Twitter Cancels Q2 Earnings Call, Citing Elon Musk's 'Pending Acquisition'
Twitter, Inc canceled this month’s quarterly earnings call today, citing its ongoing litigation against Elon Musk, the billionaire CEO of Tesla, whose beleaguered attempt to withdraw from a planned multibillion-dollar acquisition of Twitter continues apace.
“Given the pending acquisition of Twitter by an affiliate of Elon Musk, we will not host an earnings conference call, issue a shareholder letter, or provide financial guidance in conjunction with our second quarter 2022 earnings release,” Twitter wrote in a statement.
Many in the crypto space had enthusiastically supported Musk’s bid for Twitter in the hope that he would further integrate crypto features into the platform and lay the groundwork for broader adoption.
So far, the principal effect of Musk’s bid has been on Twitter’s ability to conduct its business.
Twitter’s Q2'22 results are now available. Read about it here: https://t.co/k5Wbvok9QW $TWTR
— Twitter Investor Relations (@TwitterIR) July 22, 2022
Twitter did, nevertheless, release a report detailing its recent earnings.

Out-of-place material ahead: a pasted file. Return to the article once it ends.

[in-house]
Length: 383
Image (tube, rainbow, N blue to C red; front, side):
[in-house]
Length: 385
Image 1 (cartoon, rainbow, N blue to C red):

In the second quarter, it announced that it had increased its daily active users by 16.6% to 237.8 million, while its revenue dropped by 1% to 1.18 billion. The downturn reflects, it wrote, “advertising industry headwinds” associated with the macroenvironment—presumably Ukraine and the post-pandemic fallout.
It also said revenue had suffered from “uncertainty related to the pending acquisition of Twitter by an affiliate of Elon Musk.”
Twitter, Musk and Crypto
The social media giant's troubled relationship with Musk began in April when the entrepreneur agreed to buy the company at $54.2 per share, valuing the company at around $43 billion.
Among Musk’s financiers were a bevy of crypto companies, including Binance and crypto-adjacent venture firm Andressen Horowitz, and it was expected that he would implement certain Web3 features into the platform, such as allowing micropayments.
However, as stocks subsequently plummeted and inflation went into a tailspin, Musk appeared to get cold feet, regularly taking to Twitter to lambast the company and its executives.
Finally, last month, he attempted to pull out of the deal entirely, claiming Twitter had failed to properly account for the number of bots populating its app.
Twitter disputes this—it says there was no mention of bots in the contract signed by Musk, and that Musk himself had claimed he wanted to buy the platform to “defeat the bots”—and has taken Musk to court. It hopes to compel him to buy the company or else force him to pay a $1 billion “divorce fee.”
Earlier this week a court agreed to a “fast-track” hearing that will see litigation begin in October.
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